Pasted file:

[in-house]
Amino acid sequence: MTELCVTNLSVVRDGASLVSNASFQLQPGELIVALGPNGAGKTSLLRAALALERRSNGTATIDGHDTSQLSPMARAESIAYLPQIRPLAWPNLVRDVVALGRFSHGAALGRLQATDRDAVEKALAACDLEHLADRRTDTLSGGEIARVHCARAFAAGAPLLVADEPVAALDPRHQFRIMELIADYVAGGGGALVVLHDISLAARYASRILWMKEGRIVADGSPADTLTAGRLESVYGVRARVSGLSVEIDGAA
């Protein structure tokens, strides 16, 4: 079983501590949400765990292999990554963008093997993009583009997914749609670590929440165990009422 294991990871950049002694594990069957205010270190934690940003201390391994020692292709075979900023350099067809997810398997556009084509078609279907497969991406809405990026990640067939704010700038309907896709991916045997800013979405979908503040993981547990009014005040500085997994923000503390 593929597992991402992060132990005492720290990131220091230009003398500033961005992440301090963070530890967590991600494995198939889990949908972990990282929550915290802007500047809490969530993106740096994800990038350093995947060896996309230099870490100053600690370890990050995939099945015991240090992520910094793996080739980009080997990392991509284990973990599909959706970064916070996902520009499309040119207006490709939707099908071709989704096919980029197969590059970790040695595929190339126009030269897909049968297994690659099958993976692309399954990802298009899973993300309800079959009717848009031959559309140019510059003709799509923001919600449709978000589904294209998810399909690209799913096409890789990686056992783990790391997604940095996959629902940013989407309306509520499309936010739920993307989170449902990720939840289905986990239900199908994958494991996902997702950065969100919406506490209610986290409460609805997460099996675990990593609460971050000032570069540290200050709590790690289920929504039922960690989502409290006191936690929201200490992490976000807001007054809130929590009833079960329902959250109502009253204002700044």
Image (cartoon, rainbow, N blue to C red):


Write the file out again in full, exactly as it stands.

[in-house]
Amino acid sequence: MTELCVTNLSVVRDGASLVSNASFQLQPGELIVALGPNGAGKTSLLRAALALERRSNGTATIDGHDTSQLSPMARAESIAYLPQIRPLAWPNLVRDVVALGRFSHGAALGRLQATDRDAVEKALAACDLEHLADRRTDTLSGGEIARVHCARAFAAGAPLLVADEPVAALDPRHQFRIMELIADYVAGGGGALVVLHDISLAARYASRILWMKEGRIVADGSPADTLTAGRLESVYGVRARVSGLSVEIDGAA
């Protein structure tokens, strides 16, 4: 079983501590949400765990292999990554963008093997993009583009997914749609670590929440165990009422 294991990871950049002694594990069957205010270190934690940003201390391994020692292709075979900023350099067809997810398997556009084509078609279907497969991406809405990026990640067939704010700038309907896709991916045997800013979405979908503040993981547990009014005040500085997994923000503390 593929597992991402992060132990005492720290990131220091230009003398500033961005992440301090963070530890967590991600494995198939889990949908972990990282929550915290802007500047809490969530993106740096994800990038350093995947060896996309230099870490100053600690370890990050995939099945015991240090992520910094793996080739980009080997990392991509284990973990599909959706970064916070996902520009499309040119207006490709939707099908071709989704096919980029197969590059970790040695595929190339126009030269897909049968297994690659099958993976692309399954990802298009899973993300309800079959009717848009031959559309140019510059003709799509923001919600449709978000589904294209998810399909690209799913096409890789990686056992783990790391997604940095996959629902940013989407309306509520499309936010739920993307989170449902990720939840289905986990239900199908994958494991996902997702950065969100919406506490209610986290409460609805997460099996675990990593609460971050000032570069540290200050709590790690289920929504039922960690989502409290006191936690929201200490992490976000807001007054809130929590009833079960329902959250109502009253204002700044």
Image (cartoon, rainbow, N blue to C red):